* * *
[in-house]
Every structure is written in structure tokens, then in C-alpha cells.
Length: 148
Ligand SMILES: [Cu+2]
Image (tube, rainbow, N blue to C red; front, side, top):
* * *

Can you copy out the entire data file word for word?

[in-house]
Every structure is written in structure tokens, then in C-alpha cells.
Length: 148
Ligand SMILES: [Cu+2]
Image (tube, rainbow, N blue to C red; front, side, top):